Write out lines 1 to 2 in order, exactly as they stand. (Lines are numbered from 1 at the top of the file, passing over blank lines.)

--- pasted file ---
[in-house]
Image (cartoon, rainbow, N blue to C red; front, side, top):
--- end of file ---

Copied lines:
[in-house]
Image (cartoon, rainbow, N blue to C red; front, side, top):